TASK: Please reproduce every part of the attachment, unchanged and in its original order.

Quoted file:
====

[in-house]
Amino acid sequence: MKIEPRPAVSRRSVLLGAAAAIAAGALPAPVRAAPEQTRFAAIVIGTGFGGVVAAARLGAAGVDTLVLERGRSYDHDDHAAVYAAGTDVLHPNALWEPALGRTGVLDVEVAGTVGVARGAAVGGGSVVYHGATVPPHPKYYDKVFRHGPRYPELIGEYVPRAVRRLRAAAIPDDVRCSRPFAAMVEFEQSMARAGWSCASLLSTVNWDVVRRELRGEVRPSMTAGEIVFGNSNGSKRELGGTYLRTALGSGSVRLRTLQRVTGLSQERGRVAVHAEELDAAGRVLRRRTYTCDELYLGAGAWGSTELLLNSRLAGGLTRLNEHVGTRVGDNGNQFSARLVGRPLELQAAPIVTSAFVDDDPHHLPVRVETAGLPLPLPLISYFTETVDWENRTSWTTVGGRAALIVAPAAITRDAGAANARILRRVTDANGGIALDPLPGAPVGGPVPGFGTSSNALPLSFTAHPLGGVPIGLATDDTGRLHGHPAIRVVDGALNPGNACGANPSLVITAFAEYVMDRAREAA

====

[in-house]
Amino acid sequence: MKIEPRPAVSRRSVLLGAAAAIAAGALPAPVRAAPEQTRFAAIVIGTGFGGVVAAARLGAAGVDTLVLERGRSYDHDDHAAVYAAGTDVLHPNALWEPALGRTGVLDVEVAGTVGVARGAAVGGGSVVYHGATVPPHPKYYDKVFRHGPRYPELIGEYVPRAVRRLRAAAIPDDVRCSRPFAAMVEFEQSMARAGWSCASLLSTVNWDVVRRELRGEVRPSMTAGEIVFGNSNGSKRELGGTYLRTALGSGSVRLRTLQRVTGLSQERGRVAVHAEELDAAGRVLRRRTYTCDELYLGAGAWGSTELLLNSRLAGGLTRLNEHVGTRVGDNGNQFSARLVGRPLELQAAPIVTSAFVDDDPHHLPVRVETAGLPLPLPLISYFTETVDWENRTSWTTVGGRAALIVAPAAITRDAGAANARILRRVTDANGGIALDPLPGAPVGGPVPGFGTSSNALPLSFTAHPLGGVPIGLATDDTGRLHGHPAIRVVDGALNPGNACGANPSLVITAFAEYVMDRAREAA